Vatican State Secretary Cardinal Tarcisio Bertone (L) and the archbishop of Milan, Cardinal Angelo Scola chat at La Scala theatre in Milan on June 1, 2012 during the 7th World Meeting of Families. Benedict attended a concert at the prestigious Scala opera house to hear Beethoven's Ninth Symphony conducted by Daniel Barenboim. AFP PHOTO / POOL / DANIEL DAL ZENNARO (Photo credit should read DANIEL DAL ZENNARO/AFP/GettyImages)
President of the Pontifical Council for Inter-Religious Dialogue of the Vatican City Cardinal Jean-Louis Tauran (C) pay his respects at the Golden Temple Sikh Shrine in Amritsar on November 11, 2011. Tauran along with four members visited the city to attend a religious seminary on Sikhism and Christians to be held at Guru Nanak Dev University in Amritsar on November 12. AFP PHOTO/NARINDER NANU (Photo credit should read NARINDER NANU/AFP/Getty Images)
Pope Benedict XVI talks with Cardinal Angelo Bagnasco, president of CEI (Italian Bishops' Conference), during an audience with the Curia for Christmas greetings, in the Sala Clementina of the Apostolic Palace, in Vatican City, Thursday, Dec. 22, 2011. The Pope met with Cardinals and members of the Roman Curia for an exchange of greetings ahead of the year end festivities. (AP Photo/Claudio Peri, Pool)
New York Cardinal Timothy Dolan speaks to the press in his residence, Monday, Feb. 11, 2013. Dolan says he was as startled as the rest of the world about Pope Benedict XVI's announcement that he will resign later this month due to failing health. (AP Photo/Mark Lennihan)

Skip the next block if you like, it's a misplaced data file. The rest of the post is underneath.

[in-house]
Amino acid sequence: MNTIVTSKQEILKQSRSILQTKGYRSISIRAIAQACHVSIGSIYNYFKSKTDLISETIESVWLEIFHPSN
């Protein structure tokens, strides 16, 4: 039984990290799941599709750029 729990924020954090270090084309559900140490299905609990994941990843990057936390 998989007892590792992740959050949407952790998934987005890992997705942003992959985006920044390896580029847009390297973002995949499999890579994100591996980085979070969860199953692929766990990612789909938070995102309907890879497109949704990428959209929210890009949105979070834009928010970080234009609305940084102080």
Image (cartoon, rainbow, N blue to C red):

Luis Antonio Tagle of the Philippines takes place for an audience with the pontif on November 26, 2012 at Paul VI hall at the Vatican. Pope Benedict XVI led an audience to the six non-European prelates appointed two-days ago as new members of the College of Cardinals. AFP PHOTO / VINCENZO PINTO (Photo credit should read VINCENZO PINTO/AFP/Getty Images)
Nigerian Cardinal Francis Arinze, right, arrives for a meeting, at the Vatican, Monday, March 4, 2013. Cardinals from around the world have gathered inside the Vatican for their first round of meetings before the conclave to elect the next pope, amid scandals inside and out of the Vatican and the continued reverberations of Benedict XVI's decision to retire. (AP Photo/Andrew Medichini) CORRECTION: An earlier photo incorrectly identified Bernard Cardinal Agre, the Archbishop Emeritus of Cote D'Ivoire as Cardinal Arinze